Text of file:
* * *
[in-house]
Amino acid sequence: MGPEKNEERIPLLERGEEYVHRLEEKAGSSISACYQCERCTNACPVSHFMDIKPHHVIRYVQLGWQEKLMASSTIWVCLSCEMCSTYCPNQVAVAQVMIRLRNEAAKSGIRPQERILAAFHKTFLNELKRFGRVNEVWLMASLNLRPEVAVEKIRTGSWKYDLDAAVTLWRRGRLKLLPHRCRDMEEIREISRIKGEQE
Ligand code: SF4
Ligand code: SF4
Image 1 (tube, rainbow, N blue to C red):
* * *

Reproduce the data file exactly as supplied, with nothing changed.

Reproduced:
[in-house]
Amino acid sequence: MGPEKNEERIPLLERGEEYVHRLEEKAGSSISACYQCERCTNACPVSHFMDIKPHHVIRYVQLGWQEKLMASSTIWVCLSCEMCSTYCPNQVAVAQVMIRLRNEAAKSGIRPQERILAAFHKTFLNELKRFGRVNEVWLMASLNLRPEVAVEKIRTGSWKYDLDAAVTLWRRGRLKLLPHRCRDMEEIREISRIKGEQE
Ligand code: SF4
Ligand code: SF4
Image 1 (tube, rainbow, N blue to C red):